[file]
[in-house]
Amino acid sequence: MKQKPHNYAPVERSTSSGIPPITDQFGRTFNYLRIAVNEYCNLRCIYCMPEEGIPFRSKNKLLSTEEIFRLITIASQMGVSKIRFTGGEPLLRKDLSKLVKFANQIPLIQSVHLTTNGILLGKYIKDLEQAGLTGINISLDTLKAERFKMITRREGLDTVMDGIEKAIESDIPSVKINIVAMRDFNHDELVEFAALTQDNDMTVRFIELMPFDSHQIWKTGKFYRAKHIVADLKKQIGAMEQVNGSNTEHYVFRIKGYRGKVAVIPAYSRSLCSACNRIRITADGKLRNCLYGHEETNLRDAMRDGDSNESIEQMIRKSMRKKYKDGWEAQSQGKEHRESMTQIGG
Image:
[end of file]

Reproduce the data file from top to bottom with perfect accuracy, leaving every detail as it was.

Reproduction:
[in-house]
Amino acid sequence: MKQKPHNYAPVERSTSSGIPPITDQFGRTFNYLRIAVNEYCNLRCIYCMPEEGIPFRSKNKLLSTEEIFRLITIASQMGVSKIRFTGGEPLLRKDLSKLVKFANQIPLIQSVHLTTNGILLGKYIKDLEQAGLTGINISLDTLKAERFKMITRREGLDTVMDGIEKAIESDIPSVKINIVAMRDFNHDELVEFAALTQDNDMTVRFIELMPFDSHQIWKTGKFYRAKHIVADLKKQIGAMEQVNGSNTEHYVFRIKGYRGKVAVIPAYSRSLCSACNRIRITADGKLRNCLYGHEETNLRDAMRDGDSNESIEQMIRKSMRKKYKDGWEAQSQGKEHRESMTQIGG
Image: